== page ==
Friday, September 11, 2009
Washington's Rosslyn Chapel
Many people are familiar legends surrounding Rosslyn Chapel in Roslin, Scotland, near Edinburgh. More properly called the Collegiate Chapel of St Matthew, it was built beginning in 1446 by Sir William St. Claire, Prince of Orkney as part of a larger cathedral that was never completed. Sir William, who died in 1484, was buried in the chapel. It is asserted by some that Sir William had secretly been a Knight Templar, and his chapel has long been the center of wild speculation, variously claimed to be connected to the Knights Templar, Freemasons, Holy Grail seekers and pop-culture pilgrims in search of Dan Brown’s “Sacred Feminine” mystery. From its incredibly detailed carvings to its possible connection with Templars who may have been hiding from the Pope’s wrath after their excommunication, Rosslyn is a true enigma.
Rosslyn is also the name of a neighborhood just across the Potomac on the southeast corner of Washington D.C. Is it named after the mysterious chapel in Scotland, and does it hold some clue to the mysteries of Washington D.C.?
According to researcher Ian Kendall, of the 1,974 communities and neighborhoods in the District of Columbia, 342 of them, or 17.3 percent, are named after Scotsmen, Scottish locations or Scottish words—one of the highest urban concentrations of Scottish place names in the United States. (Nearby Baltimore has a similar concentration.) Obviously, a lot of Scotsmen roamed the banks of the Potomac in the 18th century. So it’s entirely possible that some Midlothian Scot in the 1700s decided to name his patch of land after Rosslyn Chapel.
The mystery gets even stranger when Rosslyn, Virginia, is located on a map, just across the river from what was once known as Mason’s Island (named after George Mason, who wasn’t a Freemason), now called Theodore Roosevelt Island (named after a famous Freemason president), at the base of the Theodore Roosevelt Bridge. A bridge named after a Freemason passes over Mason’s Island, pointing at Rosslyn in a direct line from the White House!
It is a minor footnote in Washington’s history, but in 1866, there was a suggestion put forth in Congress to move the Presidential Mansion to a different location. The White House had not been expanded yet, and sewage from the city canal dumping into the nearby Potomac River, combined with the surrounding swampland, made the area less than pleasant on a hot, humid day. A commission was appointed to find a new place within the district that would provide room to build a larger mansion, nestled in more pleasant surroundings. The commission, led by Major Nathaniel Michler, chose what would become Rock Creek Park. The idea of moving the White House died out quickly, but the land Michler recommended was purchased and was turned into one of the largest city parks in America.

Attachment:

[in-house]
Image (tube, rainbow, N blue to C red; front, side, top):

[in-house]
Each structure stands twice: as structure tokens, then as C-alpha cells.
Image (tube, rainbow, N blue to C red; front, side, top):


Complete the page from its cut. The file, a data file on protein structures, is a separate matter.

Now let’s engage in a little “sacred geometry” of our own. Draw a line north from the White House, up the 16th Street Meridian Line, clear up to Rock Creek Park where the presidential mansion would have been built. Draw another line straight west from the White House, across the river, creating a right angle. The third leg of this triangle crosses diagonally over the Potomac by way of the Francis Scott Key Bridge, connecting Rock Creek Park and Rosslyn. Could the “Key” of Solomon be the Key Bridge, pointing the way to a modern-day Rosslyn chapel?
There really is a temple dead center in Rosslyn, Virginia, and, as hoary legends and present-day potboilers suggest, it really does have a treasure buried in its underground vaults. The Arlington Temple United Methodist Church is at 1835 N. Nash Street in Rosslyn, and if you’re looking for symbolism, it rivals the original Rosslyn Chapel as one of the most peculiar churches ever constructed. The ground floor of this multi-story building is a Chevron gas station. When the church was built in the 1970s, the founders wanted it to have a reliable source of income, so the filling station was designed into the original plans.
With oil prices being what they are today, I can’t think of a bigger buried treasure than subterranean fuel tanks filled with $3.00 a gallon premium...
(Portions of this article appeared in Solomon's Builders: Freemasons, Founding Fathers and the Secrets of Washington DC)